Having fled war, mothers living in makeshift shelters are having keep an eye on their young girls. Living in a tent, or substandard group housing, girls are vulnerable to abduction, presumably to be used for sex. It isn’t nice: it’s a terrible worry for parents. Especially for mothers, who know what sex with an older, maybe roughly forceful, man would be like for their young girls.

So, it’s a day about love?

I would really love to see Mothers’ Day become a day when we think about the reality of being  mothers. While being thankful to our mothers, and for our own safe birth, let’s do more than that. 

That’s not to say we need to deny ourselves giving and receiving flowers, chocs and hugs … But whether or not we are mothers, inclusivity might mean showing empathy to mothers less fortunate: giving to an organisation which cares for women as mothers.Let’s make Mothers Day about love and generous inclusivity 

Find out about fistula, FGM, and other related topics:

Information on FGM, and other related topics

What is a fistula, how are they caused, why are they so dangerous and excluding? 

AUTHOR EVENT:

Celebrate books and reading:

It will soon be time for the second 

 Hawkesbury LitFest … Saturday 23rd April, all day

at Hawkesbury Upton … author readings,

talks, poetry, children’s activities … in a Cotswold

Village setting 

Writing a series: re-connecting with a vision of my characters

 Cambridge: Clare College bridge
Clare College, Cambridge: the bridge

So – when I began Baby, Baby, and even when I decided there was more to tell, and embarked on The Labyrinth Year, series were popular.  But I hadn’t thought in terms of a series. Love you to the Moon (the ‘work in progress’, novel 3 of the Mullins Family saga) now finds Max and Jenny as long-established professionals, into their forties, and parents of teens. It is 2007, and daughter Alice is almost the age Jenny is in some of the backstory scenes of Baby, Baby.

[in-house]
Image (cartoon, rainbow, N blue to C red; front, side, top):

Sennen Village Primary School
Sennen Village Primary School

This is where the writer must skilfully re-connect with the characters, and imagine them forwards through the maturity (or not) that comes with time. Construct a backstory: career events, giving birth and raising kids, all that makes a family saga real for the reader. I shudder at the character changes we’re sometimes presented with by TV soaps – just to fit in the latest cliff-hanger story-line, and I dread falling into that myself!

Clare College entrance, where Jenny met Max
Clare College entrance, where Jenny met Max

Part of me even tries to suggest that this mis-matched pair would surely have parted by now?

If you, reading this, are a writer, I wonder how you would embark on re-finding Jenny, age 42? Last time I knew her, she was barefoot on the beach at Sennen, ten years younger, exiting a labyrinth drawn in the sand by her stepsister Daisy (known as Daze).

01/09/2004 11:23
The sand at Whitesands Bay, Sennen Cove

Daisy’s idea was that everyone walked the labyrinth, carrying a stone or other object to represent something they will leave behind as they move on…

 

Jy's stone 2
Jenny kept the stone which she’d forgotten to leave in the centre of the Labyrinth

… But Jenny finds, as she leaves the path, that she’s still carrying her stone. It feels heavy in her hand.

This led me to say, There is more, here … we should continue the  journey…

Like Daze, I’m a visual artist, so I’ve turned to studying the photos I’ve taken, over time, of the key places in Jenny’s life so far …

Lobster boats, Sennen Cove
Lobster boats, Sennen Cove

… the journey from Sennen Primary School, where she was the new girl in Year 2, after her parents separated …

 

 

 

Camb market
Cambridge Market (where Jenny unexpectedly meets Daisy, pregnant …)

to the local Cape Cornwall secondary school in nearby St Just…

 

to studying Natural Sciences at Cambridge

Typical lab desk, Oxford University Dept. of Pharmacology
Typical lab desk, Oxford University Dept. of Pharmacology

 

 

and her career as a research  scientist in Oxford …

Where next, Jenny? And who with?

 

 

Who are your friends and mentors, what is happening back in West Cornwall, and how is it for you, being a career scientist, a wife, and Mum to two bright teenage girls? Is there drama in this – and, who’s perception of love will drive them to despair?

 

 

DSC04335.JPG
 Oxford Canal

The Labyrinth Year begins with a narrowboat holiday,

 

 

and takes Jenny to speak at a conference in California,

 

 

then ends with her career as an Oxford scientist in jeopardy ..

Oxford University science area from the Parks
Oxford University science area from the Parks

N Ben's garden 2008 - 2

And who is trying to take over the storytelling next?

Available from the Hodge website (www.hodgepublishing.com) (or Amazon ...)
Available from the Hodge website (www.hodgepublishing.com) (or Amazon …)